The business of making money off his painting was not easy at first. Ross painted publicly in shopping malls with the hope people would sign up for classes he’d offer three days later. Oftentimes, it didn't work. 

One time, only one man showed up for a painting class. Bob’s colleagues told him not to bother holding the class. However, he devoted his class to the one man. 

The guy casually said he was - wink-wink - a businessman (his euphemism for saying he was loaded). After class, he offered Bob $1,000,000 to have 40% of whatever he made over the rest of his life. Bob and his business partners took this as a compliment but turned down the man in order to do things their own way. Bob continued to teach in stores and shopping malls.

Growing His Business 

Searching for a way to get on TV, Ross and his business partners looked towards the Midwest. In 1981 public television was going broke. Congress allowed 10 stations across the nation to sell commercials (public radio wasn’t supposed to do this). 

Bob? Well, for some reason he went after an appearance on Phil Donahue in Chicago. This advertising paid off big time and his classes were full. (He later stayed in Indiana across from Chicago and produced over 400 episodes of The Joy of Painting there.)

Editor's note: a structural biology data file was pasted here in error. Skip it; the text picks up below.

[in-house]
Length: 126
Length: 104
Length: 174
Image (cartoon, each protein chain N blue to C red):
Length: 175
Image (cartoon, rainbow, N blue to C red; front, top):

As Bob balanced both a show and teaching around the country, he gained popularity. He encouraged his students to contact their public radio stations if they enjoyed what he was doing. Well before social media, Bob was an original influencer who used TV in a unique and interactive manner.

He asked viewers for their ideas for future paintings. Also, he would share paintings of people who had followed along with previous shows.

Turning Down Oprah

One time Bob was contacted by Oprah’s staff to appear on her show. But he wasn’t allowed to paint. He was supposed to discuss the topic of business partners that were men and women but not living together. “No thanks. Not my thing,” thought the happily married Bob. 

Business Partner Annette Kowalski